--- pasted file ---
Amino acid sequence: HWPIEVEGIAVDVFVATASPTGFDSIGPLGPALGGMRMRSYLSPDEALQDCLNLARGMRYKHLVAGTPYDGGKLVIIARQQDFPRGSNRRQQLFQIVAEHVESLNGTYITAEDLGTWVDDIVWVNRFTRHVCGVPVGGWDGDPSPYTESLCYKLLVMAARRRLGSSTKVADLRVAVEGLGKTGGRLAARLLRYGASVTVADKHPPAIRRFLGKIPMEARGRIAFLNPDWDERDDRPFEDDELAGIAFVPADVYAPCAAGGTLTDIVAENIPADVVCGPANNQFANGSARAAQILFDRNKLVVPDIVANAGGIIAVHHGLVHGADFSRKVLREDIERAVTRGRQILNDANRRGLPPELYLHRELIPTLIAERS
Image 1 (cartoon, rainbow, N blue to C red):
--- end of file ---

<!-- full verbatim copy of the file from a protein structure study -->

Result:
Amino acid sequence: HWPIEVEGIAVDVFVATASPTGFDSIGPLGPALGGMRMRSYLSPDEALQDCLNLARGMRYKHLVAGTPYDGGKLVIIARQQDFPRGSNRRQQLFQIVAEHVESLNGTYITAEDLGTWVDDIVWVNRFTRHVCGVPVGGWDGDPSPYTESLCYKLLVMAARRRLGSSTKVADLRVAVEGLGKTGGRLAARLLRYGASVTVADKHPPAIRRFLGKIPMEARGRIAFLNPDWDERDDRPFEDDELAGIAFVPADVYAPCAAGGTLTDIVAENIPADVVCGPANNQFANGSARAAQILFDRNKLVVPDIVANAGGIIAVHHGLVHGADFSRKVLREDIERAVTRGRQILNDANRRGLPPELYLHRELIPTLIAERS
Image 1 (cartoon, rainbow, N blue to C red):